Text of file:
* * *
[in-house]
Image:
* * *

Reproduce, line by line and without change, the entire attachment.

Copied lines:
[in-house]
Image: